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If your house and your life are anything like my house and my life at this time of year, then maybe we should spend these next 15 minutes in silent meditation.
It is four days before Christmas.
Many of us have family coming into town if they are not here already.
The kids are out of school.
There is food to prepare, presents to wrap--maybe, even yet to buy--and there's a house to clean.
It is four days before Christmas.
The waiting is almost over...and for some, like the children in my house who provide daily lamentation, the waiting has been hard.
It is four days before Christmas.
A time that--for many of us--is so often full of emotion: where we feel the extra weight of a loss or a broken relationship.
Yes, if your house and your life are anything like my house and my life, then perhaps you know how easy it is to speed right through Christmas, to be in such a hurry that we miss the holy rhythms of this season, miss the joy, miss the gift of being with family--even if they sometimes drive us crazy--and miss the wonder of the babe in a manger who entered our world that we might have life.
I have a guess that there is something else we miss because we are so busy and because it is so familiar; and that is we might miss the audacity of this story, a story that stands at the beginning of the gospel, this story about how the One we call Lord came to be--fully human and fully divine.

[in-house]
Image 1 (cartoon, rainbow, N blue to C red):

Think about it:
Not everyone misses how audacious this story sounds.
When I was an undergraduate at Chapel Hill, I took a New Testament Survey class from a professor named Bart Ehrman. Dr. Ehrman's class was among the most popular at the school in part because he was extremely provocative. He was--and still is--a great teacher who engaged with his students and who had a command of both the Bible and early Christian writings that were not included in the Bible. Dr. Ehrman is also an acknowledged agnostic who is skeptical of the fantastic nature of the stories contained in scripture.
I think about Dr. Ehrman every year at Christmas because he usually pops up on the radio or in the newspapers for the purpose of provoking the public. Here's the argument he usually presents at this time of year:
The stories that have shaped the Christian movement are fraught with inconsistency. Even the gospels themselves do not match up. Matthew's story of Christ's birth cannot be reconciled with Luke's. In Matthew and Luke's gospel there are competing genealogies that trace Jesus' family tree back to different people. In Matthew, the magi were the ones who first heard about the new King of the Jews. In Luke it was the shepherds. In Matthew, Joseph is the one who gets visited by an angel. In Luke, it is Mary.